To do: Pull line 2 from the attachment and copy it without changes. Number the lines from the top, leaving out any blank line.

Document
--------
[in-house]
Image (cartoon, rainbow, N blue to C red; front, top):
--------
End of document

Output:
Image (cartoon, rainbow, N blue to C red; front, top):